All these years later, the song still transfixes Leiber. "I'm three times seven / it makes twenty one / And it ain't nobody's business what I'll do . . ." he sings through the receiver. The moment had a wrenched-out-of-time power to Leiber.
He and Stoller started writing songs, selling them to Witherspoon and others they saw in nightclubs and after-hours spots. Los Angeles gave them a connection to an urban blues that was morphing into R&B; and, eventually, rock 'n' roll. Their craft took its contour in this city, where they learned from folks like Maxwell Davis, a terrific saxophone player who made his mark assembling bands and writing sharp arrangements. They taught "Kansas City" to singer Little Willie Littlefield at Davis' house and learned much from watching him work.
"I wasn't a songwriter until I moved to Los Angeles," Stoller says. "I'd never written a song until I got a phone call from Jerry. So living in Los Angeles did a lot for me."
"Hound Dog" flows like a 45 -- it's fast and funny, studded with memorable encounters. Perhaps most memorable was their experience in the early 1960s with a rising songwriter and producer named Phil Spector. A mentor urged them to work with the eccentric hotshot, and reluctantly they agreed.
"He had an offensive aura about him," says Leiber. "He was less than convivial, not somebody you'd feel good about sitting down and having a drink with."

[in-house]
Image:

Still, they gave it a shot. Leiber and Spector wrote "Spanish Harlem" together, and the team says they signed Spector to a contract giving their fledgling publishing company rights to his songs. Soon, however, Spector had signed a different deal with Atlantic Records.
"Mike was the business guy of the two of us," Leiber explains. "I was the negotiator usually but Mike was the guy who put the dimes and the dollars where they belonged. One day he said the contract for Phil and 'Spanish Harlem' is not existent -- it's missing. He had access to all our keys, the files, everything."
Later revelations about Spector, says Leiber, "have never really caught me by surprise."
If "Hound Dog" highlights Leiber and Stoller's passion for street-level black culture, it also reveals their interest in cultivating famous friends. They are hardly humble fellows, yet in a funny way they make the source of their fame -- their creative process, the mechanics of how they came up with a song like "Poison Ivy" or established the world-weary attitude that floods their Peggy Lee collaborations -- seem almost accidental.
"We just wanted to write the blues," says Leiber. "We went a little further than that finally, but you don't start out to write standards. In fact, we thought all the standards had been written already and nothing new would be written. When these things lasted, nobody was more amazed than me and Stoller."